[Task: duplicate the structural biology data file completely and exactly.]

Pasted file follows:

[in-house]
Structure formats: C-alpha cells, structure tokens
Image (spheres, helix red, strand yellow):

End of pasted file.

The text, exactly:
[in-house]
Structure formats: C-alpha cells, structure tokens
Image (spheres, helix red, strand yellow):